Later, Prof. Shen identified four stages of the Korean War. The first stage was from the time when the United States announced its participation in the War to the time before it successfully landed in Incheon, that is, July-August). The second stage was from the successful landing in Incheon to the time before UN troops crossed the Parallel, i.e., September. The third stage was from October 1st to October 10th. And the fourth stage was from October 11th to October 18th. According to the analysis of historical literatures such as memoirs, oral history of participants and documents issued, Prof. Shen believed that there are four motives for China’s decision to make the movement. First of all, its responsibilities and obligations to the socialist camp, especially to North Korea, according to the international division. Second, the revolutionary enthusiasm against U.S. Imperialism triggered by the 7th Fleet’s entry into the Taiwan Strait. Third, worries about threats to China’s border security and sovereignty integrity. And fourth, to maintain the strategic situation of Sino-Soviet alliance to ensure the consolidation of the CPC regime.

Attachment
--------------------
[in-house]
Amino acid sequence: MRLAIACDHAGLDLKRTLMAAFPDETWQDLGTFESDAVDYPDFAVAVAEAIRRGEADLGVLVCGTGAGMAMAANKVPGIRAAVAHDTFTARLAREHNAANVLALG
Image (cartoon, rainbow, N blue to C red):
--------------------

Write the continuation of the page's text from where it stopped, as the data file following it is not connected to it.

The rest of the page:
Then, by comparing the goals of the War to Resist U.S. Aggression and Aid Korea with the results of the War, Prof. Shen commented that the turning point for Stalin to trust Mao Zedong and China was China’s movement to North Korea. He went on to conclude that the outbreak of the Korean War was due to differences and contradictions between China and the Soviet Union. Mao Zedong decided to intervene in the War precisely to resolve such differences and strengthen the Sino-Soviet alliance. In other words, the War to Resist U.S. Aggression and Aid Korea was a war of “founding a nation” to consolidate the new regime.

This lecture fully demonstrated Prof. Shen’s theory of history, which combines rigorous academic attitude and humorous, vivid and interesting teaching style. He knows a lot about the historical details of the War to Resist U.S. Aggression and Aid Korea. His psychological analysis of political figures was profound and detailed. His speech was full of witty remarks, which vividly reproduced the tense international situation in the early days of the Cold War, the arduous task of founding New China, and the psychological game between Sino-Soviet political leaders. At the end of the lecture, a Q&A session took place, during which Prof. Shen shared his insights with the doctoral candidates present and discussed the issues involved in the lecture.